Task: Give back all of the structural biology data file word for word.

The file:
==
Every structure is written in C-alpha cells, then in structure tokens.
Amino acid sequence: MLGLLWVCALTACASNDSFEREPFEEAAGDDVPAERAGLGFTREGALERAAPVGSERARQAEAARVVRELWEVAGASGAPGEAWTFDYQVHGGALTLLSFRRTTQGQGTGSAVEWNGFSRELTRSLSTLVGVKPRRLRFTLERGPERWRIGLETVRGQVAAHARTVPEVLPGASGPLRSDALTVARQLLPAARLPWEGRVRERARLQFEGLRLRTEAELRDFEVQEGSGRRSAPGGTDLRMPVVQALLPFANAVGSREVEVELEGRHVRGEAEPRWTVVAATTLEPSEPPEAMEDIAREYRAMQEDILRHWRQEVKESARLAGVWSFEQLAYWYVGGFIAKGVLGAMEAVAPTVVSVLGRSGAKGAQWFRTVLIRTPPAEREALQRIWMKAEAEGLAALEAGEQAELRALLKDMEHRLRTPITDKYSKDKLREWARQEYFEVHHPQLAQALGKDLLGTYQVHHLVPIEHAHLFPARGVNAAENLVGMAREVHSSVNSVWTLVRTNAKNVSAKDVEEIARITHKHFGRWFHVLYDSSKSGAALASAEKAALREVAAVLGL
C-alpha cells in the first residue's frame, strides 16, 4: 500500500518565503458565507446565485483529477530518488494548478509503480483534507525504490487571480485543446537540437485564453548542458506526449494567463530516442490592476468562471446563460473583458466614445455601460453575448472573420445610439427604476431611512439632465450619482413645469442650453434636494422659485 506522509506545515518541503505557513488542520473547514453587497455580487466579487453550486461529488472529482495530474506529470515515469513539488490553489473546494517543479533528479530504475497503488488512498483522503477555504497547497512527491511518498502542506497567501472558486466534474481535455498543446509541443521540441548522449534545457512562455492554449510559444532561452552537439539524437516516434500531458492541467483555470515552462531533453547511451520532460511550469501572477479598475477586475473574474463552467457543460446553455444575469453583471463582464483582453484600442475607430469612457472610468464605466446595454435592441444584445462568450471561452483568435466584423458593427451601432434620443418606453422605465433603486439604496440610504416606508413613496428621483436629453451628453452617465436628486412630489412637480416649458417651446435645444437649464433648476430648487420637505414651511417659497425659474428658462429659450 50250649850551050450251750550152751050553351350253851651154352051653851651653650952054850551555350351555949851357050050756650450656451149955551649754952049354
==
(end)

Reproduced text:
Every structure is written in C-alpha cells, then in structure tokens.
Amino acid sequence: MLGLLWVCALTACASNDSFEREPFEEAAGDDVPAERAGLGFTREGALERAAPVGSERARQAEAARVVRELWEVAGASGAPGEAWTFDYQVHGGALTLLSFRRTTQGQGTGSAVEWNGFSRELTRSLSTLVGVKPRRLRFTLERGPERWRIGLETVRGQVAAHARTVPEVLPGASGPLRSDALTVARQLLPAARLPWEGRVRERARLQFEGLRLRTEAELRDFEVQEGSGRRSAPGGTDLRMPVVQALLPFANAVGSREVEVELEGRHVRGEAEPRWTVVAATTLEPSEPPEAMEDIAREYRAMQEDILRHWRQEVKESARLAGVWSFEQLAYWYVGGFIAKGVLGAMEAVAPTVVSVLGRSGAKGAQWFRTVLIRTPPAEREALQRIWMKAEAEGLAALEAGEQAELRALLKDMEHRLRTPITDKYSKDKLREWARQEYFEVHHPQLAQALGKDLLGTYQVHHLVPIEHAHLFPARGVNAAENLVGMAREVHSSVNSVWTLVRTNAKNVSAKDVEEIARITHKHFGRWFHVLYDSSKSGAALASAEKAALREVAAVLGL
C-alpha cells in the first residue's frame, strides 16, 4: 500500500518565503458565507446565485483529477530518488494548478509503480483534507525504490487571480485543446537540437485564453548542458506526449494567463530516442490592476468562471446563460473583458466614445455601460453575448472573420445610439427604476431611512439632465450619482413645469442650453434636494422659485 506522509506545515518541503505557513488542520473547514453587497455580487466579487453550486461529488472529482495530474506529470515515469513539488490553489473546494517543479533528479530504475497503488488512498483522503477555504497547497512527491511518498502542506497567501472558486466534474481535455498543446509541443521540441548522449534545457512562455492554449510559444532561452552537439539524437516516434500531458492541467483555470515552462531533453547511451520532460511550469501572477479598475477586475473574474463552467457543460446553455444575469453583471463582464483582453484600442475607430469612457472610468464605466446595454435592441444584445462568450471561452483568435466584423458593427451601432434620443418606453422605465433603486439604496440610504416606508413613496428621483436629453451628453452617465436628486412630489412637480416649458417651446435645444437649464433648476430648487420637505414651511417659497425659474428658462429659450 50250649850551050450251750550152751050553351350253851651154352051653851651653650952054850551555350351555949851357050050756650450656451149955551649754952049354